Over time, Armenians, leveraging their skills and industriousness, played a pivotal role in transforming Isfahan into a prosperous city.

Their significant contributions not only garnered favour from Safavid monarchs but also drew envy from Shah Abbas II, prompting them to acquire Zoroastrian lands and establish the new Jolfa neighbourhood, which remains a hub of economic affluence to this day.

Despite being non-Muslims, Armenians were embraced by Safavid rulers, owing to their instrumental role in Isfahan's development.

This marked a significant departure as they were among the first immigrant capitalists with a different religious background from the ruling class, yet their invaluable contributions warranted special attention.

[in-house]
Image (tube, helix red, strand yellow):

However, the daily lives of non-Muslims, including Armenians, were marked by restrictions.

They faced challenges accessing markets and conducting business, often barred from venturing out on rainy days or handling goods directly—a practice reminiscent of Shia rulings still observed today.

Despite these constraints, Armenians enjoyed relatively favourable treatment, facilitated by Shia principles that allowed for pragmatic adaptation to prevailing circumstances.

The rulers' reliance on the financial resources of non-Muslims incentivized a more accommodating approach towards Armenians.

This leniency persisted into the Qajar dynasty, enabling Zoroastrians to establish commercial enterprises and even extend loans to the Qajar royal family for foreign journeys.